Direct seed marketing has been shown to contribute positively to farmers’ access to quality seed. Why then have we not moved beyond the pilot phase?
In 2011, Direct Seed Marketing (DSM) was introduced to overcome inefficiencies in seed distribution. DSM was also hoped to stimulate accountability among actors in a seed supply system which has limited farmers’ access to and use of quality seed.
DSM warrants changing, fully or partially, the existing distribution system, which has until now resulted in unpredictable and often delayed supply of seed, as well as enabling unused and wasted seed.
Moving from resistance to proven success
The initial introduction was challenging, as the existing institutions resisted such change, believing that the problems could better be solved within the prevailing distribution system. Regardless of the initial resistance, which is understandable, the support of different actors to demonstrate the potential of DSM over the years was commendable.
With this support however, the pilot has been scaled-up to cover over 100 districts, and in the case of hybrid maize, more than 8,000 tonnes (>1/3 of the total supply) is channelled through DSM since 2015. Thus, DSM is playing a significant role in the seed supply system of Ethiopia, particularly in high potential areas.
Different studies also confirm that farmers who bought seed through DSM are better off compared to the situation where they have been buying through the current distribution system. However, DSM is still held in a pilot phase, and actors in the seed sector now expect the government to fulfil their roles and make a decision. Yet the government has until now neither decided to stop nor to adopt the pilot, and the pilot continues into the seventh year.
A complex decision in a complex system
The question now is why DSM has not been officially endorsed, given that farmers are accepted as benefiting from the changed system under the pilot. Public decision-making is a complex process. Farmers are only one actor among a long list of actors who have vested interests in this decision. These actors with diverse and sometimes competing interests, directly or indirectly influence the decision-making about DSM.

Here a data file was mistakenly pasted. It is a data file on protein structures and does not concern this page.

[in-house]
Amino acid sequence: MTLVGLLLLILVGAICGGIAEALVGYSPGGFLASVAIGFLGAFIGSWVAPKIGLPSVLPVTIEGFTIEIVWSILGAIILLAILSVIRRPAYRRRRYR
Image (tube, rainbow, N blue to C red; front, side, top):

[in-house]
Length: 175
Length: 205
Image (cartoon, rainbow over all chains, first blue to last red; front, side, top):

Other major actors include seed producers, government staff in different offices and at different levels involved in the allocation and distribution of seed, and the government itself as the key decision-making body. One of the major concerns we perceive government is having is whether or not through DSM all farmers, rich and poor, will have
equitable access to seed. After all, the objectives and intended outcomes of adapting a given public policy will be perceived from different perspectives.
Limited evaluation focus
Current discussions about DSM are always positive. It has been shown to contribute to increased use of seed and
decreased carryover of seed in store, what remains a serious and costly problem for government. Thus, the commonly held view is to further scale up the pilot or fully adopt it into common practice.
Thus far however, evaluation criteria have not taken into account the key initial objective of the pilot, namely, the addressing of inefficiencies in the current distribution system and consequences for farmers’ access to quality seed. Rather the major focus of DSM evaluation remains on the achievement of annual targets such as numbers of woredas and the amount of seed distributed through DSM.
This already shows the low level of internalization of the initial objective of the pilot from the evaluators’ side. The evaluation should incorporate how the approach has improved farmers’ access to seed, their desire to have choice among products, and their ability to either hold those to account for inferior quality or reward others for superior quality. These indicators should be taken into account in deciding whether it is beneficial to adapt in the future.
The limited focus of evaluations of DSM means key information is missing in the decision to move from pilot to practice. What do we know about the objectives and benefits foregone by switching to DSM for different actors? What are the values critical to the role actors are willing to play in the distribution system that are more important than observable benefits to farmers?
Given the diversity of agriculture in Ethiopia and the current use of DSM to achieve delivery targets, how do different actors’ visions of seed distribution and marketing in the future compare? These determine how these actors perceive DSM relative to the prevailing distribution system, and influence decision-making. Beyond the benefit to farmers, these values and perception need to be discussed openly to decide on the future of seed marketing systems in Ethiopia.